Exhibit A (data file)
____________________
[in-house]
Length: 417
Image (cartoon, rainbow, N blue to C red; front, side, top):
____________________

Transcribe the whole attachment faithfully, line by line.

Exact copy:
[in-house]
Length: 417
Image (cartoon, rainbow, N blue to C red; front, side, top):